Local News - San Bernardino
New Islamic center embraced
REDLANDS: The groundbreaking ceremony emphasizes the religion's tolerant nature
By ROBERTO HERNANDEZ
REDLANDS - A copy of Islam's holy book lay open on a table.
Pamphlets with such titles as "What is Islam?" and "Islam For Non-Muslims" were on display. A flag decorated with a crescent moon and star was raised.
Inland Muslims ushered themselves into Redlands society Thursday, welcomed by city and religious leaders.
A group of more than 60 Muslims and non-Muslims gathered together at the center Friday for an open house and groundbreaking event that signaled construction of a 15,000-square-foot Islamic center and mosque. The existing center on Alabama Street is housed inside a converted single-story house.
Events at the center and at the University of Redlands will continue today and Sunday.
Friday's events included panel discussion and video shows about Islam and its traditions. Blueprints for the Islamic center were displayed under a large tent.
Dr. Mohammad Hossain, founder of the Redlands-based Islamic Society of California, uttered a brief prayer before the ribbon-cutting and flag-raising ceremonies. Hossain and the society have been leading the center project.
"God, give us peace, give us unity, give us better understanding of each other," he said.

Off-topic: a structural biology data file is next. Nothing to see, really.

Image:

Passages from the Quran, Islam's holy book, were printed on fluorescent blue, yellow and red paper that decorated the tent. A copy of the Quran lay open on a table. Next to it was the Hadith, a compilation of the sayings of the prophet Muhammad.
Organizers said the event was intended to emphasize the peaceful, tolerant nature of Islam to non-Muslims. For example, true Islam respects Jews and Christians and includes many of their important religious figures as its own, including Adam, Noah, Moses and Jesus.
Several non-Muslims said they knew little about Islam and came to learn more, or that they attended as a show of support.
Arthur Gregory, a member of the Baha'i faith that embraces all religions and advocates global peace, said such a gathering could dispel stereotypes of Muslims.
Rabbi Douglas Kohn of the San Bernardino-based Congregation Emanu El said he attended to show that Muslims and Jews can stand side by side and learn from each other at a time when religious strife is common.
"It's an opportunity to demonstrate that the Islamic community is here," he said. "We have Islamic neighbors. We cannot disregard them."
Reach Roberto Hernandez at (909) 583-2308 or firstname.lastname@example.org
The Islamic Center of Redlands will continue its open house and groundbreaking activities this weekend.
When and where: 11 a.m.-3 p.m., Islamic Center of Redlands, 11210 Alabama St., Redlands; 4-8 p.m., University of Redlands, Casa Loma Room, 1200 E. Colton Ave.
Information: (909) 792-0882, (909) 754-0448
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